Maura In The News

Nstar report backs utility
Stray voltage problem eyed

By Mac Daniel, Globe Staff | April 16, 2004

An inspection of about 24,000 manhole covers, 18,000 of them in Boston, found that "99.99-plus percent" showed no stray electrical voltage, NStar officials said in a report submitted to state regulators yesterday.

The report said those findings back the utility's assertion that it is largely blameless for several incidents involving dogs that were shocked or electrocuted in Boston.

The inspections of company-owned manhole covers in 81 Eastern Massachusetts communities detected about 18 instances of "adverse stray voltage" on electrical equipment owned by companies or entities other than NStar, the report said. In 12 instances, stray voltage was found in areas under the supervision and control of NStar -- five of which resulted from the removal of streetlights and three of which resulted from damage to the lines from third parties, according to the report, which did not address the other four instances. NStar spokeswoman Christina McKenna said the cause of the damage was unknown.

"We're very pleased with what we found," McKenna said. "But even one instance is too many."

The report's findings about seven incidents in which stray electric current shocked dogs or their owners, and in one instance killed a dog, showed that either no electric current was found at the site or the electric current problem was attributed to a business other than NStar.

"This means that undetected and adverse stray voltage does not occur on the company's system unless the integrity of the system is somehow compromised without the company's knowledge," the report's executive summary said.

The report was requested by officials at the state Department of Telecommunications and Energy, which regulates the utility, after the incidents in the past several months in which the dogs and people received shocks from electric current emanating from city streets. The utility also included a detailed safety plan to address stray voltage, including more inspections.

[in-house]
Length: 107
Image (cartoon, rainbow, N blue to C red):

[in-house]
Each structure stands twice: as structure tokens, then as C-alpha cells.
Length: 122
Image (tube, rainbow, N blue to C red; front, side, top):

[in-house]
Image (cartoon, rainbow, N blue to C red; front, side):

Officials from the state agency also instructed Western Massachusetts Electric Co., Northeast Utilities, and Massachusetts Electric to submit similar reports on stray voltage. A review of those reports is expected to take several weeks, officials with the Department of Telecommunications and Energy said.

Paul G. Afonso, chairman of the agency, said yesterday that a team of engineers and analysts would review the reports to determine if the problems were systemic or isolated.

"I'm not interested in the blame game," he said. "I'm interested in getting this rectified."

NStar previously had denied responsibility for stray voltage that injured or killed dogs walking on Boston streets, saying the incidents in Charlestown, Chinatown, and Mission Hill were caused by construction crews that mishandled underground lines. In 11 other reported cases, including one in Roslindale, NStar said the dogs and their owners were shocked by stray electricity from city-owned streetlights or other utilities not owned or operated by NStar.

At a March 8 City Council hearing, city officials, including former Inspectional Services commissioner Kevin Joyce, blamed NStar for many of the problems and accused the utility of failing to properly maintain and oversee its underground lines. The hearing was called by Councilor at Large Maura Hennigan after the death in Charlestown in February of a Labrador retriever.

Told of the report's findings yesterday, Hennigan said that even if NStar had found that 1 percent of the manholes inspected were charged with stray electricity, it was still serious. "If you happen to be electrocuted by one of those . . . manholes in the city," she said, "you're just as dead."


? Copyright 2004 The New York Times Company

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